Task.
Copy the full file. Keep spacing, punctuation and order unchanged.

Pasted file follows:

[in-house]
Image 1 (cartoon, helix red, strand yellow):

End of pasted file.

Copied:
[in-house]
Image 1 (cartoon, helix red, strand yellow):